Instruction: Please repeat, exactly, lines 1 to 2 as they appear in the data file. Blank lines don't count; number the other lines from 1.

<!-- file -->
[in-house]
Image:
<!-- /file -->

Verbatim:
[in-house]
Image: